Individual or couple therapy is offered for problems such as:
- Anxiety (including OCD, panic, phobias, trauma)
- Work Stress
- Relationship Issues
- Unresolved Grief
- Low Self Esteem
- Anger Issues
- Behaviour Problems
- Pain Management
What is Cognitive Behaviour Therapy?
Cognitive therapy is about how we think, behaviour therapy is about what we do, and the combination of these two psychotherapies – cognitive behaviour therapy (commonly referred to as CBT) – has produced one of the most successful therapeutic treatments in use today.
CBT is based on a goal-oriented, short-term process which is predominantly focused upon the present and future rather than the past. Research-based evidence shows that CBT works and it is now internationally recognised as being the treatment of choice for most emotional and behavioural problems.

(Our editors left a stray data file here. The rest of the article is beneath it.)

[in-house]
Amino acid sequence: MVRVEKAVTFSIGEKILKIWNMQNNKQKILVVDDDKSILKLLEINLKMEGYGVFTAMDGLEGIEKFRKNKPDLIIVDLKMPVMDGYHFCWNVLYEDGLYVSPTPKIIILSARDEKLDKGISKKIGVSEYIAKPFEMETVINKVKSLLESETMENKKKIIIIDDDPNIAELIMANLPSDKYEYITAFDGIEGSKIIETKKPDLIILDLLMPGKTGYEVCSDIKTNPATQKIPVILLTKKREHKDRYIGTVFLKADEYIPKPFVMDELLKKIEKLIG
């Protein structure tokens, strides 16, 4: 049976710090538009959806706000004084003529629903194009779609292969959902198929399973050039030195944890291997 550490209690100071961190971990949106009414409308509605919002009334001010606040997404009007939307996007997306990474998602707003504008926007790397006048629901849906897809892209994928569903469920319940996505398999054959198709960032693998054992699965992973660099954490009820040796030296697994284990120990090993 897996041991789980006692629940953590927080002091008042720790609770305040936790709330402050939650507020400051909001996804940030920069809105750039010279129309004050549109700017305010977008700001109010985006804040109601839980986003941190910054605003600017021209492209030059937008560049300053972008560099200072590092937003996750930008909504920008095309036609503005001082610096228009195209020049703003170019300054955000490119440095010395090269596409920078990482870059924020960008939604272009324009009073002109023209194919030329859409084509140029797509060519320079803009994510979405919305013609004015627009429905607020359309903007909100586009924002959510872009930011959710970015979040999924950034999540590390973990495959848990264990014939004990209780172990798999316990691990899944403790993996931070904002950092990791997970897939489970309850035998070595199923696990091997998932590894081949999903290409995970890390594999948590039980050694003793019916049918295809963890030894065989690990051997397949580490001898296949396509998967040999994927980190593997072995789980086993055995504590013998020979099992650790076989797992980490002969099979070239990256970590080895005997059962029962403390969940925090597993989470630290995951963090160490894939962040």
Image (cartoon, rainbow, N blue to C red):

CBT aims to promote independence rather than dependence by helping to
equip clients with skills and strategies that enable them to become their
How does CBT work?
CBT is based on the idea that during our lives, we learn to react to events in unhelpful ways, which often creates problems for us. By changing the way we think we can change the way we feel.
CBT helps by training people to think and behave in more helpful and balanced ways. Developing lifestyle changes, relaxation training, communication skills, mindfulness, assertiveness and problem solving skills may also be included as part of the therapy.
Printed material is provided for the client at each session.
How long does it take?
Unlike many traditional forms of therapy, CBT does not involve lengthy time frames or extensive investigation into early life events. Most CBT treatments range from a few weeks to a few months in duration with an average of 8-12 sessions. As the therapy is goal focused, once a client’s therapy goal is achieved, then the therapy is completed. Some clients like to come back for a booster session or for a follow up session later down the track.